With a significantly better weather forecast; windy but plenty of sunshine and little rain, we set off from Tyler’s Green, near Godstone. The morning’s sunshine however had made little impact on the surface water lying on the Gault Clay soils, which were as muddy as ever!
After crossing the M25 and heading up onto the chalk ridge, the going improved a little. However, with both horse riders and cyclists using designated footpaths (illegally) they soon become difficult on foot. It seems there is a real problem in that the North Downs Way which we are following for significant sections, is variously designated as a byway, as a bridle way or as a footpath (no access for vehicles, horses or bicycles). Despite this it seems that some riders and off-cyclists consider the whole length of it open for their use, making some sections so muddy and impassable on foot that we found ourselves diverting to tarred roads.
At Gangers Hill we were rewarded with a magnificent view eastwards along the North Downs, marred only by the incessant noise of the M25.
Our route diverted down and around a disused chalk quarry, now seemingly under restoration, and on to the Titsey Estate. Here we found a plaque marking the Greenwich Meridian.
Thus we crossed from the Western to the Eastern Hemisphere!
A short distance beyond, the Pilgrims Way is blocked by the Titsey Estate, and a diversion is necessary: either by climbing up to the top of the escarpment and back down again, or by passing to to the south on the Vanguard Way and back up to Titsey Village. We chose the latter. Wouldn’t it be a magnanimous and public spirited gesture if the Trustees of the Titsey Estate were to reinstate the Pilgrims’ Way path across the park to Titsey village along with the other permissive paths they have established?
When we got to it, we found the Church of St James the Greater in Titsey village, shut up and locked. Apparently a private church owned by the Estate, it is only open at specific times during the summer. Nonetheless we were able to enjoy a seat in the sun in the churchyard, on which to eat a late lunch. A kind lady at an adjacent house agreed to fill our water bottles for us. It transpired that she’d recently moved here from Cape Town. Despite the weather she said she was loving it.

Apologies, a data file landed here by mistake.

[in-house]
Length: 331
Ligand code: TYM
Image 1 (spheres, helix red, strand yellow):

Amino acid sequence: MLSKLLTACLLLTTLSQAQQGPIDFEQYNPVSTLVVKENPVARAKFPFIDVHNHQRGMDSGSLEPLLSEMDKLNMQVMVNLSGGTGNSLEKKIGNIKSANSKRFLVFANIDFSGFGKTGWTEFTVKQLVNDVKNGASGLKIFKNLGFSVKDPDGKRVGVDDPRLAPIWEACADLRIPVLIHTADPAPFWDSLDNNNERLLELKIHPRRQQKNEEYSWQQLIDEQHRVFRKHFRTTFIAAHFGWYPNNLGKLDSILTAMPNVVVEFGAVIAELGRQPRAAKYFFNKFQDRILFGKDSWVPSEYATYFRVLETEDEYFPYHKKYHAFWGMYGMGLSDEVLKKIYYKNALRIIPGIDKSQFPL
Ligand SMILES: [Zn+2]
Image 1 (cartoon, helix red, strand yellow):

From Titsey to the edge of the Chevening Estate, a distance of four and a half miles, the Pilgrims’ Way follows a tarred lane, along the foot of the escarpment. With very little traffic other than cyclists, this was not unpleasant and it gave us a welcome relief from the mud. Part way along this we crossed the border from Surrey into Kent – the fourth and last county of the English part of our journey. Home at last for Tom!
At Chevening the course of the Pilgrims’ Way is again blocked and diverted up to the top of the escarpment and back down again. Chevening House is used as a furnished country residence for a person nominated by the Prime Minister: usually the Foreign Secretary. When Theresa May was Prime Minister, she declared that Chevening should be shared between the Foreign Secretary Boris Johnson, Brexit Secretary David Davis and Trade Secretary Liam Fox. However Boris Johnson apparently pulled rank, and insisted that he and his family should have sole use of the mansion and its 115 rooms for Christmas 2016! What a nice chap!
Again, what an opportunity exists to reinstate the Pilgrims’ Way to its original position, which is well away from the house and any potential security risk. In fact we found the eastern entrance to the park to be completely open.
As light was beginning to fade and we still had a fair distance to cover, we paused only briefly at St Botolph’s Church in Chevening, and did not go in. We did however note an interesting cross in the churchyard, not dissimilar to one where we used to live in Chew Magna, though in rather better condition.
From Chevening we headed east in the failing light, and crossed the M25 for the last time. With head torches on we pressed on the last two and a half miles to Otford, crossing the River Darent on the way. Once one of the most heavily abstracted rivers in the South East today it was flowing strongly.
Finally at ten to seven, and in the dark, we reached Otford, our destination for the day.